Edie Laquer, the mega real estate broker whose unflinching deal-making has been transforming Miami’s skyline since she arrived here from Toronto in 1980, is keen on succeeding at her next project.
For once, it doesn’t involve assembling land deals. Or poring over zoning code. Or hiring bulldog legal teams. Or rising at 3 morning after morning, decade after decade, in order to edge out the competition.
“My new project, finally, is me,” said Laquer, who retired from commercial brokering about five years ago and focuses now on her philanthropic work and on buying her own investment properties. “I finally found the time to be able to hire a personal trainer. And to travel. And maybe even to meet someone special someday.”
Ocean Views and Shoes
She leads you through her recently renovated condo at the St. Regis Bal Harbour, which took several years to complete. In 2013, she bought two fifth-floor units at the St. Regis for $6.75 million, combining them into a 5,000-square-foot showcase of a home for herself and her pampered Coton de Tulear, Frenchie. The place is a sweep of blue ocean against rare, earth-tone marble, dark wood, glittery Swarovski crystal lighting, and plush furs, suedes and leathers.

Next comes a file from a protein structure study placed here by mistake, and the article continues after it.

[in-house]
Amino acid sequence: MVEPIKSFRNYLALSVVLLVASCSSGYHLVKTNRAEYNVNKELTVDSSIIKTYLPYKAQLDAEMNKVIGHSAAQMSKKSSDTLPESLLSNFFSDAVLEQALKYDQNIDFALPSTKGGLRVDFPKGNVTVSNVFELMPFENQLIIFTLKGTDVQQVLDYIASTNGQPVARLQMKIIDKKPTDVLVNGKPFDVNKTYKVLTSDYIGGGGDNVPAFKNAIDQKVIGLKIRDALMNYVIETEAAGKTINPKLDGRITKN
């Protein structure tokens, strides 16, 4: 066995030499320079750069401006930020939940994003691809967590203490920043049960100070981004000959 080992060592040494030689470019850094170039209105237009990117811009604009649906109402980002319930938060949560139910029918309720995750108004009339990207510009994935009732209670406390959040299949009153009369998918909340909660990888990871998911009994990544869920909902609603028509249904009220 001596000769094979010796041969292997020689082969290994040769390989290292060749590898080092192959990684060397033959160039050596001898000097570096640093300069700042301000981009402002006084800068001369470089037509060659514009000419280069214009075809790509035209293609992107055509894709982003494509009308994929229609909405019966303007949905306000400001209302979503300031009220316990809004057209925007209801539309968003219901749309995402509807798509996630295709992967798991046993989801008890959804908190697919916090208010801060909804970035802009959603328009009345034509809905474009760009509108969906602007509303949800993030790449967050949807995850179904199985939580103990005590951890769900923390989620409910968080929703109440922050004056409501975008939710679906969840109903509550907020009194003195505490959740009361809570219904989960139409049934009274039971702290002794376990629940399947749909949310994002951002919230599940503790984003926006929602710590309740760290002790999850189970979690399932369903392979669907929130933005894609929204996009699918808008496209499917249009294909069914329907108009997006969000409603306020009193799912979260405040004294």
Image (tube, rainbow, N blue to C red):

There are views of the Atlantic from every room, including her Hollywood Regency-style master bedroom with its tufted, beige-suede bed, draped in dramatic coyote fur. Step further inside her boudoir and you’re met by a dream of a dressing room, the designer gowns arranged just so behind glossy closet doors, the collection of silk scarves taking up a serious amount of real estate. Showcased in open, mirrored shelves are some of her most prized evening purses and shoes.
“I love shoes. Well, who doesn’t? But I really love shoes. Apparently also scarves,” says Laquer, who is also into Bentleys. Currently, she gets around in a “flame-orange Bentley that the valet guys here call The Pumpkin. I bought it for the sound system. I just love music, and it has amazing sound.”
Determined to Achieve
Laquer has been attached to numerous landmark development deals in Miami, totaling about $5 billion. They include assembling eight blocks in the blighted Park West neighborhood for the upcoming Miami Worldcenter project, the sale of Florida East Coast Railway’s 56-acre tract for Midtown Miami, plus endless projects in the Brickell area, the Biscayne corridor and Coconut Grove. She assembled the land for the Grove’s Ritz-Carlton, built in 2002, and for Cocowalk. In 2013, she sold her condo at South Beach’s Continuum, originally purchased for $5.4 million, for a record-breaking $13 million.
She chalks up her successes to everything she learned from her parents, both Holocaust survivors who lost most of their loved ones to concentration-camp atrocities and met in a post-war relief facility in Munich. They had their first child in Munich, a daughter they named Maria, and soon after moved to Paris, where they had Edie. The family, close to penniless, relocated to Toronto in the 1950s. Laquer’s mother, Peggy, eventually opened a bridal shop, and her father, Michael, succeeded in the mortgage business.